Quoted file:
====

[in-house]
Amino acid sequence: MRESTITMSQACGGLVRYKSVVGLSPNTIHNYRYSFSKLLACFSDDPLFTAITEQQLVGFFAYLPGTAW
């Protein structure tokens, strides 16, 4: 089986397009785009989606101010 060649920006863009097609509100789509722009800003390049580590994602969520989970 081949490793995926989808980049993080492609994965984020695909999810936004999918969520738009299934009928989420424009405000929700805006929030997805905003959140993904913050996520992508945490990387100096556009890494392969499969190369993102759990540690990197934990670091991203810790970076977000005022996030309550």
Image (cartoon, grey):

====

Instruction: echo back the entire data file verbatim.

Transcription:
[in-house]
Amino acid sequence: MRESTITMSQACGGLVRYKSVVGLSPNTIHNYRYSFSKLLACFSDDPLFTAITEQQLVGFFAYLPGTAW
């Protein structure tokens, strides 16, 4: 089986397009785009989606101010 060649920006863009097609509100789509722009800003390049580590994602969520989970 081949490793995926989808980049993080492609994965984020695909999810936004999918969520738009299934009928989420424009405000929700805006929030997805905003959140993904913050996520992508945490990387100096556009890494392969499969190369993102759990540690990197934990670091991203810790970076977000005022996030309550």
Image (cartoon, grey):